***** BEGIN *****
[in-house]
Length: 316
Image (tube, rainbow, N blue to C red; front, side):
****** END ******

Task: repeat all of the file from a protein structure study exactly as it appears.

[in-house]
Length: 316
Image (tube, rainbow, N blue to C red; front, side):